Weird radio structure detected around universe’s brightest quasar

Astronomers have discovered two large, mysterious objects blasting out of the brightest black hole in the known universe.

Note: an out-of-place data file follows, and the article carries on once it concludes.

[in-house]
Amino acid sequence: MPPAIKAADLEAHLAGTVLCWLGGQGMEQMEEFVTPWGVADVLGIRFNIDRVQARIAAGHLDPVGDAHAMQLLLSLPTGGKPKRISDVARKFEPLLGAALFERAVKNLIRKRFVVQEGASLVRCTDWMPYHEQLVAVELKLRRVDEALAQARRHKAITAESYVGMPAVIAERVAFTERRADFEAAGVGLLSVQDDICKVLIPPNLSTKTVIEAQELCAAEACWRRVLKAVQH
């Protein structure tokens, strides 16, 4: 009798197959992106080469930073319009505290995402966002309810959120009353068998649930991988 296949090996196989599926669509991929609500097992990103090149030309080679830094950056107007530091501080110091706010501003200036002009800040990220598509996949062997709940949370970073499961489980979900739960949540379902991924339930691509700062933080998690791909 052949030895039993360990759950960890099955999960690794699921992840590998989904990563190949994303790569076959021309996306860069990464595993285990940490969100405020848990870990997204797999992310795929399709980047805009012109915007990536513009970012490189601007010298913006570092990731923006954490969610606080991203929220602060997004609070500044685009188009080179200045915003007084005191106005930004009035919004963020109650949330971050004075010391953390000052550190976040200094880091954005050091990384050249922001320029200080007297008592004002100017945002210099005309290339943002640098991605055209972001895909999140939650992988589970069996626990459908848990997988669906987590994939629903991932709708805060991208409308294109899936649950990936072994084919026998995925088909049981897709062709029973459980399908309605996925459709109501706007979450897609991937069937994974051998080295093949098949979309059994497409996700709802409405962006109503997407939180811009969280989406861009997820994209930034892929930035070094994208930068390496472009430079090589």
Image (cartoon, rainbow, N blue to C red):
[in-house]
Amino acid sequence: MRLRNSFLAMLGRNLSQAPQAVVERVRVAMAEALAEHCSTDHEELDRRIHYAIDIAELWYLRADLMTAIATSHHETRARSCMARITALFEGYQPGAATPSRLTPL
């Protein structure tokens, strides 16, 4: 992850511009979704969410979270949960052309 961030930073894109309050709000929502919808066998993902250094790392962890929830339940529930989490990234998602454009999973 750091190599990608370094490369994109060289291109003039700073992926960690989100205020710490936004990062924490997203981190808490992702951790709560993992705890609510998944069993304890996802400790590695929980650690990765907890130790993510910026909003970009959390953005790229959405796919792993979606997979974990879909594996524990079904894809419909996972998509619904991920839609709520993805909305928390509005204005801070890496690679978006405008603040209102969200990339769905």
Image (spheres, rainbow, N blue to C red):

Discovered in a 1959 survey of cosmic radio-wave sources, the supermassive black hole 3C 273 is a quasar — ​​short for “quasi-stellar object,” because the light emitted by these behemoths is bright enough to be mistaken for starlight. While black holes themselves do not emit light, the largest ones are surrounded by gargantuan swirls of gas called accretion disks; as gas falls into the black hole at near-light speed, friction heats the disk and causes it to blaze with radiation — typically detected as radio waves.

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